Agency Law Enforcement Seeks Union Representation by PBA of New York
Sunday, May 01, 2011
SUNY, Park, and EnCon Police; and State Forest Rangers Initiate Replacement of Council 82
The Police Benevolent Association of New York State (PBA of New York State), a member-focused coalition of police officers representing the interests of approximately 1,200 members of the state agency law enforcement services (ALES) unit working at New York State’s public universities and colleges; state parks and historic sites; and across the state as environmental conservation officers and forest rangers today announced that they have taken the first steps toward seeking authorization to act on the officers’ behalf on matters ranging from contract negotiations to legislative affairs to local management grievances.
Through a process known as decertification, and under the oversight of the Public Employees Relation Board (PERB), members of ALES have organized a statewide effort to collect signed petition cards expressing their dissatisfaction with its current union, and requesting an election that would install PBA of New York State as the officers’ representatives. On Friday, 595 cards, representing more than 50 percent of the ALES membership, were filed at PERB’s Albany office. Under PERB rules, an expression from 30 percent of a union’s membership triggers a decertification vote and halts the contract ratification process. PBA Vice President James McCartney said, “The members’ action is both loud and clear and represented by their signatures on the decertification cards. In less than one week, members have initiated an action that demonstrates support from the majority of the unit. Their support is more than solid – it’s steadfast.” McCartney is a State University of New York police officer.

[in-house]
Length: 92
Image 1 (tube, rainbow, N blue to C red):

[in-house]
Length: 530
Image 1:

“Simply put, the members of state agency law enforcement have lost confidence in its current union; and are appropriately demanding a new voice and representation,” said Dan DeFedericis a former Troopers PBA president working with PBA New York State organizers. “Police officers from Western New York to Eastern Long Island are exercising their right to seek an election that would replace Council 82 with an independent union led and run by members of the Agency Law Enforcement Services Unit.” Dissatisfaction with Council 82 has been mounting in recent years, and reached a critical point last month when the union’s negotiators failed to involve ALES unit leaders in the final negotiations and it advanced a long-term proposal from the state without the negotiations committee’s knowledge of involvement.
Council 82 is presently led by Christian Mesley and James Lyman; both have long ties to the Albany Police Department (APD). Mesley is a member of APD; and Lyman is retired from the force. PBA President Manuel Vilar said, “The secret and backdoor deal that Council 82 tried slipping by its own members was an insult to the very officers that the union is supposed to represent.” Vilar is a Park Police Sergeant stationed on Long Island. “Despite the fact that these members of law-enforcement have been working without a contract since 2005, they have gone to work in good faith every day to serve and protect the people of New York,” said DeFedericis, “However, that same commitment was not being returned by their union representatives and that is both unacceptable and unprofessional. ALES members deserve and should expect more – and I can ensure you today that the PBA of New York will be committed to being a competent and honest union, which puts its member’s rights and needs first.
In a related action, PBA of New York announced that it has hired the well regarded law firm Gleason, Dunn, Walsh & O’Shea to serve as its general counsel and will handle its contract negotiations. The Albany-based firm has a significant history of representing the interests of law enforcement officers across the state. The firm assisted PBA of New York with its decertification filing.